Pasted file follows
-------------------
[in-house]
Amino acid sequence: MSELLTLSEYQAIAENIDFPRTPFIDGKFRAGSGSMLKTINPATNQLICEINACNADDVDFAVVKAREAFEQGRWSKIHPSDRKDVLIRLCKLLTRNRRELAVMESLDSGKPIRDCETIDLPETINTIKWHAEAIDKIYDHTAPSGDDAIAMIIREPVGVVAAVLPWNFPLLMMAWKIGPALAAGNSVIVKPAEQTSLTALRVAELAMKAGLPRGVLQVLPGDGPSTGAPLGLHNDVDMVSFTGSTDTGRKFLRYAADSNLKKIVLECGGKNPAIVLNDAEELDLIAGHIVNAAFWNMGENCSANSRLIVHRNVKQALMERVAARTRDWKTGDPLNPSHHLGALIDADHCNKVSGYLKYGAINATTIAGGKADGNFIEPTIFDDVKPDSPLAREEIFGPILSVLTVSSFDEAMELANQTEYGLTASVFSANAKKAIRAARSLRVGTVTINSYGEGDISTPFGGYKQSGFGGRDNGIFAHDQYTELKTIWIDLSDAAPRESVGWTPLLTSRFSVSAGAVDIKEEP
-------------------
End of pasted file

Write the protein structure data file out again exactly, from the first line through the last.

[in-house]
Amino acid sequence: MSELLTLSEYQAIAENIDFPRTPFIDGKFRAGSGSMLKTINPATNQLICEINACNADDVDFAVVKAREAFEQGRWSKIHPSDRKDVLIRLCKLLTRNRRELAVMESLDSGKPIRDCETIDLPETINTIKWHAEAIDKIYDHTAPSGDDAIAMIIREPVGVVAAVLPWNFPLLMMAWKIGPALAAGNSVIVKPAEQTSLTALRVAELAMKAGLPRGVLQVLPGDGPSTGAPLGLHNDVDMVSFTGSTDTGRKFLRYAADSNLKKIVLECGGKNPAIVLNDAEELDLIAGHIVNAAFWNMGENCSANSRLIVHRNVKQALMERVAARTRDWKTGDPLNPSHHLGALIDADHCNKVSGYLKYGAINATTIAGGKADGNFIEPTIFDDVKPDSPLAREEIFGPILSVLTVSSFDEAMELANQTEYGLTASVFSANAKKAIRAARSLRVGTVTINSYGEGDISTPFGGYKQSGFGGRDNGIFAHDQYTELKTIWIDLSDAAPRESVGWTPLLTSRFSVSAGAVDIKEEP